U.S. court dismisses SBF’s defense motion complicating pretrial strategy
U.S. court denies Bankman-Fried's pretrial defense motion, adding twists to an already tense legal situation.
A United States District Court has denied one of Sam Bankman-Fried’s pretrial defense motions. According to the court filing, U.S. District Judge Lewis A. Kaplan dismissed SBF’s Motion in Limine No. 1, which sought to bar the government from introducing evidence produced to the defense after July 1.
Earlier in August, SBF’s defense team proposed a series of motions in limine. These included not only the now-rejected Motion No. 1 but also motions to exclude evidence pertaining to the bankruptcy of FTX, SBF’s resignation from the company, and statements specific to FTX.US.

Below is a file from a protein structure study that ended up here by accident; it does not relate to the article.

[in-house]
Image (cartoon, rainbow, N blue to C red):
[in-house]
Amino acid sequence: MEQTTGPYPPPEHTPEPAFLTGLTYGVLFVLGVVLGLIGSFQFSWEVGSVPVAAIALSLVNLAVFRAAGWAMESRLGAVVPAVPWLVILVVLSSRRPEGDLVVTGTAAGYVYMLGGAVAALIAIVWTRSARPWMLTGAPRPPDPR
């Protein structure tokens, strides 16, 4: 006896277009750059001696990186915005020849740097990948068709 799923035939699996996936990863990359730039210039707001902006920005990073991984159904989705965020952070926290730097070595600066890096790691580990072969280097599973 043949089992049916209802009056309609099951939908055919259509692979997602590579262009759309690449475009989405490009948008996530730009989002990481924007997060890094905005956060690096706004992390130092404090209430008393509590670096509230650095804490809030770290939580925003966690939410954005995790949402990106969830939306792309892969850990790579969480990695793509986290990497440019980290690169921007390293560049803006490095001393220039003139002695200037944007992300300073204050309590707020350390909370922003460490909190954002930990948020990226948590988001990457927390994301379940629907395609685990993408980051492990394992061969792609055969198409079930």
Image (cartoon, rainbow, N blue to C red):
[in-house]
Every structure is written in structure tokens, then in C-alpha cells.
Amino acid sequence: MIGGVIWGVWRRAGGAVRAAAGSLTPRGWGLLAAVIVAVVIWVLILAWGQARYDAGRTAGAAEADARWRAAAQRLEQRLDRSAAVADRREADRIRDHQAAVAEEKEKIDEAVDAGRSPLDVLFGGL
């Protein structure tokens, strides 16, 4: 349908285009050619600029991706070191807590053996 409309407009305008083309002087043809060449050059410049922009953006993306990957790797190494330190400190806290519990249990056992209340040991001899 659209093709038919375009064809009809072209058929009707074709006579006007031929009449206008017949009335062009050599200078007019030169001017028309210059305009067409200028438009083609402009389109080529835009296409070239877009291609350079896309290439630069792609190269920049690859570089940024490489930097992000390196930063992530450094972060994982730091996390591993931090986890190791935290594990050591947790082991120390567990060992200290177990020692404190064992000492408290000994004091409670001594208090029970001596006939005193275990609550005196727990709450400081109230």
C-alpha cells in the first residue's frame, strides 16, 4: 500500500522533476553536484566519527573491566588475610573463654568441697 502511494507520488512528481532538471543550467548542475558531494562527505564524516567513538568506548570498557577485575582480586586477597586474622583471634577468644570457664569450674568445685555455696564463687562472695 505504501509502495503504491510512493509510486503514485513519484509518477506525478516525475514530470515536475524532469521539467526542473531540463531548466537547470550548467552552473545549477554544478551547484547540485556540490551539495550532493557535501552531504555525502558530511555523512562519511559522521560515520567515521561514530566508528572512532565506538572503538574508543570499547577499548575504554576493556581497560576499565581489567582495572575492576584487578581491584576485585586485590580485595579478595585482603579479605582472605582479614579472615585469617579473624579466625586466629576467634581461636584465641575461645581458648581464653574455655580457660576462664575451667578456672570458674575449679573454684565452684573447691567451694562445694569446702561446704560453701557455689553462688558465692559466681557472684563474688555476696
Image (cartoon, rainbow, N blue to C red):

The recent denial of the first motion came on the heels of a controversial procedural dispute. SBF’s legal team expressed outrage over the sheer volume of discovery documents — totaling 7.7 million pages — released by the U.S. government. They described the late release of an additional 3.7 million pages as a violation of the agreed discovery timeline and called for court intervention to prevent further substantial document releases in light of the imminent trial.
While the court’s recent ruling complicates the defense’s strategy, SBF’s legal team continues to emphasize the importance of his active participation in his defense. He currently awaits trial at the Metropolitan Detention Center, where he has been unable to review the evidence due to lack of access to the hard drive sent to the facility.
With the trial just six weeks away, SBF maintains his not-guilty plea, planning to argue that his actions were in good faith and based on legal advice.